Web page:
Q How does one balance between content creation & content distribution as most of the budgets are currently going towards creation leaving nothing for amplification? 
A This problem is as old as advertising – to this day many advertisers produce copy they never air! Getting this balance right requires three elements of success: integrated teams across creative, content, and media; project management skills are hugely undervalued, and are tailor-made for this kind of endeavor; and lastly, the team needs to be compensated for the project as a whole rather than the sum of its parts. The re-integration of the agency world is a real movement – but we’re not going back to the full-service model. We’re moving to integrated project teams.

Q Everybody is talking about content and most of the times it is not strategic in nature, how do you think brands can start thinking about content in a more integrated manner? 
A William Morris once said, “Have nothing in your house that you do not know to be useful, or believe to be beautiful.” Most branded content efforts that disappoint have fundamentally forgotten this simple rule. Content either must be brilliantly moving or entertaining, or it has to be really useful. That requires really knowing who you are talking to – what they care about, when they’re open to new ideas, what matters most. Then integration becomes easy – but it’s less about integration within the brand experience, and more about integrating into the lives of the people we are targeting.

Q ROI is the toughest question a CMO needs to answer when it comes to Content Marketing, do you think they are measuring it the wrong way? What is the correct method then?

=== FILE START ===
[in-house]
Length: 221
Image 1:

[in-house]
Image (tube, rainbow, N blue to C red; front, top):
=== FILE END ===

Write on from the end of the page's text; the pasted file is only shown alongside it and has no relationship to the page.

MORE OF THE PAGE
A Branded content, generally speaking, is used to move “soft metrics” – familiarity, metrics like “it’s a brand for people like me”, and in some cases, moves specific messages about the brand, its purpose, or specific benefits. One of the most challenging things for CMOs is connecting the effect on soft metrics to the impact on sales and intent-based metrics. The other challenge is that branded content never exists in a single-touchpoint universe – nearly all brands should be looking at multi-touchpoint attribution to understand how the mix works as a whole.

Q B2B brands have almost mastered the art of storytelling, why is it proving to be so difficult for B2C brands? Any suggestions for B2C brands?
A There’s much B2C could learn from B2B – but first we need to see the parallels. Branded content in B2B is first welcome – it’s respected as a sales tool. B2B also has much smaller audiences, and they are very narrowly defined with a well-understood context of communication. Of course B2C is very different, but often it suffers from too broad an audience definition, which leads to limited understanding of context and relevance – the two elements needed to deliver great content. Great content is always welcome – as long as it’s either entertaining or useful.


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